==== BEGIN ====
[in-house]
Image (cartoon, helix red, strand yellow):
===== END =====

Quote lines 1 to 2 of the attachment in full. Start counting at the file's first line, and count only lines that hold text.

[in-house]
Image (cartoon, helix red, strand yellow):